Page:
Churches in Rosedale, Moore Park and Leaside are again sponsoring a Christmas Drive (the 46th consecutive) to assist local food banks and agencies that are in urgent need of help at this time of year. Flyers are delivered to area households on Saturday, November 18 and donations are then picked up on the following Saturday, November 25. There are two locations. The first is Our Lady of Perpetual Help Church  (OLPH) on St. Clair Avenue East, one block west of Mount Pleasant Road. The other is St. Cuthbert’s Church on Bayview Avenue, south of Millwood Road near Humphreys Funeral Home.

Times on both days begin at 9:30 am. Donations are sorted and packed at OLPH with same day delivery to recipient food banks and agencies. In 2016, about 16,000 items were collected and it is hoped to better this figure this year as the demand is still great. Financial donations are also welcome and tax receipts are available. About 300 volunteers are required and community hours (generous ones) are available for high school students who require for graduation or other reasons.

In addition, two area Sobeys stores (St. Clair Avenue just east of Yonge Street and Wicksteed Avenue near Laird Drive) are once more supporting this effort by holding in-store drives throughout the Christmas season. These sources typically add another 10,000 or so to the overall total.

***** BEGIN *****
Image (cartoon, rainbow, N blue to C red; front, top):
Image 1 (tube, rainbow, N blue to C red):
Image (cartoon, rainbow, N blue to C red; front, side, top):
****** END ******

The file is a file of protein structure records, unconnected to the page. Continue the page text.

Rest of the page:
This is a fun event for both families and young persons and is in aid of a worthwhile cause to benefit the less fortunate members of our community. 

If further information is required, please contact the Campaign Chair, Brian Kearney, at 416-972-0585 or by e-mail.

Free Admission to Toronto History Museums Through November

Until November 30, general admission to 9 of the City's historic museums will be free courtesy of Mackenzie Investments in celebration of its 50th anniversary.

During the five-week period, visitors can explore Toronto history museums through ongoing tours during regular hours and discover memorable and moving exhibits such as "Eaton's Goes to War: Family, Memory & Meaning" at Mackenzie House, "Maple Leaf Forever: Toronto's Take on a National Symbol" at the Market Gallery and "Gibson House Preserves" at Gibson House.

The City of Toronto operates 10 history museums which annually produce over 300 programs and events, including the annual Gatsby Garden Party and the Indigenous Arts Festival, that are attended by more than 410,000 residents and visitors.